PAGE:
By Rochelle Kopp, Managing Principal, Japan Intercultural Consulting
This article is part of a series on effective meetings between Japanese and non-Japanese, that originally appeared in the Japan Times
Non-Japanese are often perplexed as to why Japanese are so reticent in meetings. For non-Japanese, the whole purpose of a meeting is for people to talk. So why do Japanese often tend to stay quiet, and not share their opinions?
I believe there are two main reasons why Japanese do not participate actively in meetings. First, many Japanese feel that when they speak up in a meeting, they will be judged. Perhaps people will think that their idea or question is a stupid one. Or perhaps people will think that their English is not good. While these concerns are understandable, one should not allow them to become paralyzing. For Japanese, it’s important to keep in mind that in a meeting situation, non-Japanese are not necessarily so judgmental about what people say in a meeting. Not every idea has to be perfectly formed, or every sentence completely grammatical. You have been invited to the meeting because it is believed that your thoughts are valuable – which means people want to hear them. So please let this reassure you, and gather your courage and speak up!
The second reason that Japanese are often quiet in meetings is that they have trouble getting a word in edgewise. Many non-Japanese don’t realize that the typical fast pace of meeting conversations in English makes it difficult to break into the discussion. So it’s helpful for non-Japanese to try to slow down. Also, effort can be made to call on people who are quieter. This gives them an easier way to get involved in the conversation. Some phrases for doing this include, “Tanaka-san, would you like to add anything?” and “Sumiko, do you have any comments?”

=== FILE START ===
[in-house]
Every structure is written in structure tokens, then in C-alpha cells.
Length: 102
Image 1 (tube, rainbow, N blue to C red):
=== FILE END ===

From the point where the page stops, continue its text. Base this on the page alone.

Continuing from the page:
There are also some techniques that Japanese can use to break into a discussion more easily. The first is, don’t be so afraid to interrupt. Although in Japanese culture interrupting is extremely rude, and in western cultures it’s not considered desirable, as a practical matter it sometimes is necessary in order to get oneself heard.
There are also a variety of phrases that can be used to signal that you want to speak up.
- Excuse me.
- May I have a turn?
- Can we stop here for a moment?
- May I interrupt?
- Can I break in?
- Is it ok for me to stop the conversation for a moment?
- I’d like to point something out.
- I have something to say.
- I’d like to say something.
- I have a point to add here.
- May I have the floor?
Accompanying these phrases with waving your hand a bit can help to draw attention to yourself.
In an extreme situation where the discussion has become a free-for-all, one way to break in is to make the t-shaped hand signal used in American sports, and to say “time out!” as a way to get a break in the conversation. However, as this is a rather extreme measure, you had better have something really good to say if you do this!
The third reason that Japanese tend to stay silent in meetings is that they are unable to keep up with the conversation in English. When things are moving too quickly, or too much slang or technical jargon is being used, Japanese will lose the thread of the conversation. And rather than imposing on the group, they will then tend to just sit back quietly. So, if there are Japanese participants in your meeting who are not actively participating, it could be a sign that the English level needs to be toned down.